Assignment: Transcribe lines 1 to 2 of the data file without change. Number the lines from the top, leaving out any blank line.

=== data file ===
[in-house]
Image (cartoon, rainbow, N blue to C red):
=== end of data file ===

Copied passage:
[in-house]
Image (cartoon, rainbow, N blue to C red):